Gaming is a relatively new art form and a very complex one, so we’re only now starting to see some serious cultural developments taking place.   

We see this with how we handle genres. Because gameplay adds an entire different layer of complexity, genres in games are significantly harder to determine. Does one label their game based on the narrative experience provided, or does the gameplay warrant its own label? Questions like this lead to hair -pulling debates when it comes to more niche genres and cultures. The character action genre is a textbook example of this frustration.  

To be a part of the character action community is an experience in great patience and pain. Constantly having people denounce the existence of a genre you and others are clearly passionate enough to believe in, as well as the lack of games to really be part of this genre, can get incredibly grating.    

People within the community still disagree over whether or not certain games are a part of it, and this is a formula for disaster on both sides. Due to the genre being easily able to be boiled down to “action games with really deep combat”, it’s no wonder the genre is on thin ice. This points to the biggest struggle with niche genres and cultures in games: the difficulty to properly define and flesh them out as their own thing. The character action genre is also based within the very popular action genre, which is a major reason why people are dismissive of its legitimacy. Action is quite possibly the most mainstream genre.  

Character action focuses on deep and expressive combat, leading to plenty of gamers believing that this genre is not valid. Despite this, those same people seem to be fine with the action genre itself, vagueness and all.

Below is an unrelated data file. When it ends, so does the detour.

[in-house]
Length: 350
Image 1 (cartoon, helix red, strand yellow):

Let’s be real: a game being part of the action genre barely means anything. Action is almost required for investment in video games, so to see a game labelled as such would do almost nothing to sell a player on what makes a particular game worth buying.   

The fact that selling a game’s values and experiences is key to genres in games is exactly why people are so passionate about the character action genre. On the surface, for example, most people fail to see the difference between this genre and the “hack and slash” genre. Games like Devil May Cry or NieR:Automata, with incredibly wide moveset variety and rich, deep combat systems, are compared to things like Dynasty Warriors, which are known to be anything but deep. These games very clearly provide different experiences, the former for more intricate gameplay, the other for a smoother, less stressful, and more streamlined experience. This is the problem with genres in games, since such minute differences can lead to massively different experiences, yet we so often deny genres their room to grow.  

In my previous column entry about difficulty in games, I talked about the souls genre, and its emphasis on holistics and difficulty in particular. This is the key to this debate with genres, as these games used to not be labeled under their own distinct genres.   

Before more games like Demon’s Souls existed, they were merely called Action RPGs. Now that there’s a plethora of these games eager to give players a distinct experience, they have been labeled as different. This is an example of gaming culture letting genres develop into their own thing, and has resulted in one of the most beloved genres to date.   

This, however, is an incredibly rare story in gaming, as more often than not, we stifle the potential for more genres to have this same experience, guaranteed positive results be damned.  

The passionate fanbase and culture surrounding the character action genre alone is proof enough. Games that have deep and fluid combat systems that allow for personalized gameplay and self-expression clearly have enough of a selling point . If there is enough interest for a sizable amount of gamers to want something like this, then why not let that genre develop?